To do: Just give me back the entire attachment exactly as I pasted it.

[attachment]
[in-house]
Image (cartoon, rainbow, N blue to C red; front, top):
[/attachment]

[in-house]
Image (cartoon, rainbow, N blue to C red; front, top):